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“Bite-Size Bits of Local, National, and Global History”
Kenova in Wayne County, West Virginia — The American South (Appalachia)
 

Ceredo - Kenova

 
 
Ceredo - Kenova Marker image. Click for full size.
By John Desaulniers, Jr., September 1, 2010
1. Ceredo - Kenova Marker
Inscription. Ceredo - Founded in 1857 by Eli Thayer of Massachusetts, an Abolition leader, in his plan to create sentiment against slavery in western states. Kenova - named for the meeting place of three states, Kentucky, Ohio, and West Virginia.
 
Erected 1975 by West Virginia Department of Archives and History.
 
Location. 38° 24.199′ N, 82° 35.451′ W. Marker is in Kenova, West Virginia, in Wayne County. Marker is at the intersection of Chestnut Street (U.S. 60) and Virginia Point Drive, on the right on Chestnut Street. Touch for map. Marker is in this post office area: Kenova WV 25530, United States of America.
 
Other nearby markers. At least 8 other markers are within one mile of this marker, measured as the crow flies. West Virginia / Kentucky (within shouting distance of this marker); Dreamland Pool (within shouting distance of this marker); Here Lies James H. McCoy / Here Lies Floyd McCoy (approx. ¾ mile away in Kentucky); County Named, 1860 (approx. 0.9 miles away in Kentucky); Country Music Highway (approx. 0.9 miles away in Kentucky); Judge John M. Elliott (approx. 0.9 miles away in Kentucky); Mary Elliott Flanery (approx. one mile away in Kentucky); Civil War Army Base (approx. one mile away in Kentucky). Touch for a list and map of all markers in Kenova.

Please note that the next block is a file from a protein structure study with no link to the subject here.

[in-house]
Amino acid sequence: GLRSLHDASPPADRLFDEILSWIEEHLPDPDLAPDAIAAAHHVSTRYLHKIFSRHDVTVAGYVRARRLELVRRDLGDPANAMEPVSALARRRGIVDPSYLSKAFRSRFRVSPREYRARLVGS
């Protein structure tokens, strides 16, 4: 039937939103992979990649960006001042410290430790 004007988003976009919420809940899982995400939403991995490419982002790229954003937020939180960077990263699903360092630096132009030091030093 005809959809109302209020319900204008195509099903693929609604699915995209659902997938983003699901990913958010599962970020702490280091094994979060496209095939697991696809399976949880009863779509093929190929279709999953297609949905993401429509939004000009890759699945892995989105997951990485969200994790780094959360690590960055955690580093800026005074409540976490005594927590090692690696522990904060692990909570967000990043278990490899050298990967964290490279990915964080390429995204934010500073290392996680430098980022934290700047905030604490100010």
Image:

Also see . . .
Ceredo - Kenova Marker image. Click for full size.
By John Desaulniers, Jr.
2. Ceredo - Kenova Marker

1. Biographical Directory of the US Congress - THAYER, Eli. Eli Thayer's political career is provided here with minor acknowledgment of his pro-Abolition views. Interestingly, he appears to have been a sitting Massachusetts US Representative when he helped establish Ceredo. It's also intriguing to see he was an Oregon delegate to the RNC in 1860, though it appears he never moved from Massachusetts. (Submitted on September 2, 2010, by John Desaulniers, Jr. of Mingo, Iowa.) 

2. Eli Thayer. Wikipedia's entry about Eli Thayer is much more focused on his Abolitionist interests as noted on the sign. It also describes why he chose the site of Ceredo for his town, rightly noting that, when the town was founded, it was still part of Virginia. (Submitted on September 2, 2010, by John Desaulniers, Jr. of Mingo, Iowa.) 
 
Categories. Abolition & Underground RRSettlements & Settlers
 
Ceredo - Kenova Marker with Kenova Welcome Sign image. Click for full size.
By John Desaulniers, Jr., September 1, 2010
3. Ceredo - Kenova Marker with Kenova Welcome Sign
Eli Thayer image. Click for full size.
Internet Archive
4. Eli Thayer
from The Biographical Dictionary of America, 1906, by Rossiter Johnson.
 
 
Credits. This page was last revised on July 20, 2018. This page originally submitted on September 2, 2010, by John Desaulniers, Jr. of Mingo, Iowa. This page has been viewed 1,070 times since then and 66 times this year. Photos:   1, 2, 3. submitted on September 2, 2010, by John Desaulniers, Jr. of Mingo, Iowa.   4. submitted on July 5, 2018, by Allen C. Browne of Silver Spring, Maryland. • Syd Whittle was the editor who published this page.
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